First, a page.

Today marked the first time I have been to a zoo in nearly fifteen years. It was free admission day at the Denver Zoo, an opportunity my frugal boyfriend and Jewish self couldn’t pass up. I rediscovered animals and exhibits I know I had seen before, since I used to frequent the zoo quite regularly as a child. I didn’t remember most of them, however. There was only one area whose location and layout I still knew by heart, and I eagerly dragged my boyfriend over there as quickly as possible: the Northern Shores Arctic section.
I was obsessed with Arctic foxes when I was a child. I learned everything I could about the adorable little predators. I pored over pictures in books. When I discovered I could see my favorite animals of all time live and in person, I’m sure I ran around the house and peed myself in excitement.
It became a routine father-daughter day. Sure, we’d make cursory visits to see the other animals, but as soon as we got to the Arctic foxes, I wouldn’t budge until closing time. My dad was quick to spot a pattern as well as an opportunity, so he soon started bringing the patient charts he had to review for the weekend. I’d park in front of the foxes, he’d park on a bench; I’d get to squeal over teh cute, he’d get work done and be able to chalk up quality bonding time in one go. It was a win-win situation.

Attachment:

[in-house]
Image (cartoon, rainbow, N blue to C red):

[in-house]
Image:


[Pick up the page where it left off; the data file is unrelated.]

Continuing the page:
One winter day when I was six (I know it was winter because the foxes had white coats–they’re gray in summer. Props for smug six-year-old geekdom!), I stood at my usual post. My dad was absorbed in his charts. One of the foxes did something particularly adorable, which in six-year-old terms, probably meant licking itself inappropriately. I squeed like the little fangirl I was and thrust myself forward to take a better look. Alas, I thrusted a bit too hard and toppled over the fence and headfirst into the prickly holly bushes that filled the barrier between humans and animals.
The other patrons who were, unlike my father, actively watching the foxes started murmuring and clucking their tongues in dismay. When no one instantly appeared to retrieve me, the disapproval became more audible. “How awful,” they tsked. “Abandoning that sweet little girl and letting her get hurt!”
It took a few minutes for my dad to realize that all was not quiet on the Arctic front. It took another few seconds for him to scan the crowd and realize I was not among the disapproving onlookers. It took another few seconds for him to take a deep breath and stride over to the barrier, where he found that his daughter was the cause of all this commotion. He leaned over and braced himself, preparing for the wail of pain I was certain to unleash in his ear.
“Daddy! I got real close to the foxes!” I exclaimed instead as he yanked me out of the prickers.
“You sure did!” he replied nervously, giving a shaky grin to the glaring tongue-cluckers. “Let’s not tell Mom about this, shall we?”
We went over to the bench to retrieve his charts. I glanced longingly at the foxes, who were napping obliviously. “Okay,” I sighed.
Of course I couldn’t keep an event that exciting to myself, so of course my father got an earful about irresponsible parenting. In my defense, I think my mother would have noticed the scratches and prickers still stuck in my hair and started asking questions eventually.
I managed to stay on the right side of the barrier nineteen years later, a tough feat considering the foxes are still adorable. My dad has to do work on his own time now, but I will still remember that time I got really close to the foxes with something like fondness.